Improve collaboration and coordination of care. Successfully connecting clients with appropriate treatment or other resources is a core component of EA services. In many countries, the scarcity of qualified treatment resources makes appropriate referral and follow-up difficult. This sometimes forces the EAP to operate as a de facto treatment program. The growing use of mobile and wireless technology platforms may help overcome some of the current geographical constraints or other barriers and make evidence-based treatment and follow-up services more readily available to clients.
Increase purchasers’ perceived value of EAP by measuring valid outcomes. Despite more than 500 applied research papers that conclude that workplace behavioral health intervention is generally effective, most of these remain unpublished, proprietary, or simply not shared with the purchasing organization (Attridge, 2013; Taranowski & Mahieu, 2013). As the use of valid tools like CGP’s Workplace Outcome Suite becomes more widespread, and carefully constructed outcome research like the EARF-funded “Impact of EA Services on Workplace Outcomes” study (Richmond & Wood, 2015) becomes more widely published, EAPs need to assure that the information gets to current and prospective purchasers.
Improve adherence to standards of quality. EAPA has published EA program standards and professional guidelines since 1981. Other associations and organizations have published their own standards, usually drawn from EAPA’s standards. However, most customer organizations and even many long-time EA practitioners are unaware of what the standards are or where to find them. Without agreed-upon quality standards, the EAP field will never achieve the perceived value and professional acceptance to which it aspires.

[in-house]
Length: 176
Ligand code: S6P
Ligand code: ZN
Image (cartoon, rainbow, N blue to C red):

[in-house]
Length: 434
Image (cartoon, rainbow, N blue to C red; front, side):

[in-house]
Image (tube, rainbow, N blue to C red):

Let’s Continue the Discussion
My thanks to Chestnut Global Partners for allowing use of their survey information and to Matt Mollenhauer for taking the time to review and discuss the survey with me as I was preparing this column. Let’s continue the discussion of needs and trends in the global EAP market! You’re welcome to contact me directly anytime or to post your feedback, questions, or suggestions on EAPA’s LinkedIn group.
Dr. John Maynard served as CEO of EAPA from 2004 through 2015. Prior to that, he was President of SPIRE Health Consultants, Inc., a global consulting firm specializing in EA strategic planning, program design, and quality improvement. In both roles, he had the opportunity to observe, meet, and exchange ideas with EA professionals in countries around the world. He currently accepts speaking and consulting projects where he can make a positive difference. He can be reached at firstname.lastname@example.org.
Attridge, M. (2013). The business value of employee assistance: A review of the art and science of ROI. EAPA’s 2013 World EAP Conference, Phoenix, Arizona.
Attridge, M., Cahill, T., Granberry, S., & Herlihy, P. (2013). The NBC industry profile of external EAP vendors. Journal of Workplace Behavioral Health, 28(4).
Hagen, R., Sharar, D., & Mollenhauer, M. (2016). State of global EAP and top needs in the industry. Employee Assistance European Forum, Bucharest, Romania.
Mollenhauer, M. (2017). EAP survey reveals market segments and top industry needs. 2017 Trends Report. Chestnut Global Partners.
Steel, Z., Marnane, C., Iranpour, C., Chey, T., Jackson, J., Patel, V. & Silove, D. (2014). The global prevalence of common mental disorders: A systematic review and meta-analysis 1980-2013. International Journal of Epidemiology, 43(2), 476-493.
Richmond, M. & Wood, R. (2015). Impact of EA Services on Workplace Outcomes. EAPA’s 2015 World EAP Conference, San Diego, California.
Taranowski, C. & Mahieu, K. (2013). Trends in EAP implementation, structure, and utilization, 2009-2010. Journal of Workplace Behavioral, 28(3).